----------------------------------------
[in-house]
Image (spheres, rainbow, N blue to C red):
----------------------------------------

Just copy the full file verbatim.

[in-house]
Image (spheres, rainbow, N blue to C red):